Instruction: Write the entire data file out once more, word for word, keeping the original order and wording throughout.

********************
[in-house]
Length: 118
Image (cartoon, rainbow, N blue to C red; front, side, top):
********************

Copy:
[in-house]
Length: 118
Image (cartoon, rainbow, N blue to C red; front, side, top):